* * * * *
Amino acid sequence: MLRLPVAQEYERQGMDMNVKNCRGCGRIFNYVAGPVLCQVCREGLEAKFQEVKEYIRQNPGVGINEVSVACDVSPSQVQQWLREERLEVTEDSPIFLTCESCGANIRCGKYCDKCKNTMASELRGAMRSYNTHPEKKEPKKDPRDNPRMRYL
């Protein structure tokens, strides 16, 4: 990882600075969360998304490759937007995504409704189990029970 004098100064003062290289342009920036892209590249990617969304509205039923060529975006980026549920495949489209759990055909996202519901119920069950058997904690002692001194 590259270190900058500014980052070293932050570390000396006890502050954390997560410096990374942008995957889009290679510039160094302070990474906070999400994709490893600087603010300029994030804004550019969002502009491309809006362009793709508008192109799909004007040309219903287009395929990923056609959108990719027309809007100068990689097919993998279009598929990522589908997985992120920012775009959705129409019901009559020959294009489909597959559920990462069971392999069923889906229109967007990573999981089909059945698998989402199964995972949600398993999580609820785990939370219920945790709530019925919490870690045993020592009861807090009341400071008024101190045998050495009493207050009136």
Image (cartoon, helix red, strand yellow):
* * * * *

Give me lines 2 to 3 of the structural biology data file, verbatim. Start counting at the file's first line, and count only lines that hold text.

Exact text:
């Protein structure tokens, strides 16, 4: 990882600075969360998304490759937007995504409704189990029970 004098100064003062290289342009920036892209590249990617969304509205039923060529975006980026549920495949489209759990055909996202519901119920069950058997904690002692001194 590259270190900058500014980052070293932050570390000396006890502050954390997560410096990374942008995957889009290679510039160094302070990474906070999400994709490893600087603010300029994030804004550019969002502009491309809006362009793709508008192109799909004007040309219903287009395929990923056609959108990719027309809007100068990689097919993998279009598929990522589908997985992120920012775009959705129409019901009559020959294009489909597959559920990462069971392999069923889906229109967007990573999981089909059945698998989402199964995972949600398993999580609820785990939370219920945790709530019925919490870690045993020592009861807090009341400071008024101190045998050495009493207050009136």
Image (cartoon, helix red, strand yellow):